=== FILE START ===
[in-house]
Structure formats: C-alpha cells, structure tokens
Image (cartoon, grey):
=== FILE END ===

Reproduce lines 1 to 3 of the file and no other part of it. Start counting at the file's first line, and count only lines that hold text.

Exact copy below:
[in-house]
Structure formats: C-alpha cells, structure tokens
Image (cartoon, grey):